Design Bending Moment = W L / 8 = 4464 lb (24 ft) / 8 = 13,392 lb-ft = 160,704 lb-in.

Design Shear Force = W / 2 = 4464 lb / 2 = 2232 lb (taken to be the shear at the end, for convenience)

Beam Reaction = W / 2 = 2232 lb.

4c. The internal stresses and deflections corresponding to the loads above are determined from the internal forces and the beam section properties.

The section properties are: A = 3.125 x 7.5 = 23.5 in.2, S = 3.125 in. (7.5 in.3)/ 6 = 29.3 in.3, and I = 3.125 (7.5)3/12 = 110 in.4.

Bending stress: fb = M/S = 160,704 lb-in. / 29.3 in.3 = 5485 psi.

Shear stress: fv = (3/2)(V/A) = (3/2)(2232 lb / 23.5 in.2) = 142 psi.

Deflections:

Live (Snow) Load Deflection = (5/384) W L3 / E I = (5/384) 2880 lb (24 x 12 in.)3/ (1,800,000 psi x 110 in.4) = 4.5 in.,

where

2880 lb is the `Whole’ Snow load, 120 plf x 24 ft, E = 1,800,000 psi as published for the 24F-V4 Glulam.

The Total Deflection (excluding the effect of `Creep’) is,

(5/384) 4424 lb (24 x 12 in.)3/ (1,800,000 psi x 110 in.4) = 7.0 in.

Already the Bending Stress and Deflections appear excessive with this size beam (especially the 7 in. deflection!).

Let’s check!

5. To perform the Design Checks for the Bending, Shear, and deflection conditions the `Allowable’ bending, shear, and deflection values must be determined. The Allowable values for bending, shear, Modulus of Elasticity, and bearing are determined from the published Design Values multiplied by the appropriate Adjustment Factors. The (maximum) Allowable deflections are determined from the building codes.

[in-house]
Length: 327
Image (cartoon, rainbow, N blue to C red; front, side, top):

From the NDS Supplement the pertinent Design Values are (24F-V4 DF):

Fb = 2400 psi,

Fv = 265 psi,

E = 1,800,000 psi, and

Fc perp = 650 psi.

From the International Building Code (adopted by the local building authority) The Allowable deflections are:

L/240 for Live (Snow) load (only), and

L/180 for Total load.

The Bending Design Value is adjusted as follows:

Fb’ = Fb CD CM Ct (lesser of CL and CV) Cfu CC.

CD = 1.15 (Snow load duration);

CM and Ct are not applicable since the roof beams are protected from moisture and high temperatures;

CL may be taken to be Unity as attachment of the roof system to the top (compression zone) of the beam provides lateral stability;

CV is not applicable as the beam size in question is smaller than the `standard size’ (5-1/8 x 12 x 21 ft) beam; and

Cfu and CC are also not applicable.

Thus,

Fb’ = 2400 psi (1.15) = 2760 psi.

The Design Check for Bending becomes:

(Is) fb = 5485 psi ≤ Fb’ = 2760 psi? And the answer is clearly, NO!

The 3-1/8 x 7.5 Glulam does not pass the Design Check for Bending. A larger section beam is required.

The Design Check may also be cast in terms of a `Unity’ check, as follows:

Is f b / Fb’ = 5485 / 2760 = 1.99 ≤ 1.00? Obviously … NO!

The Unity Check betrays that the stress under design load is *TWICE* the Allowable.

All other things equal, we need a beam with *TWICE* as much Section Modulus.

If we hold the width of the beam constant and seek a deeper beam to provide such Modulus, the needed depth can be calculated as follows:

S (needed) = 2 x S (guessed), or

b h (needed) 2/6 = 2 x b h2/6 (guessed), or

h (needed) = √2 h (75 in.) = 10.6 in.

Since Western Glulams come in depths of multiples of 1.5 in., a depth of 12 in. is required with regard to Bending.

Before we investigate this `new’ depth, however, let’s also look at deflection.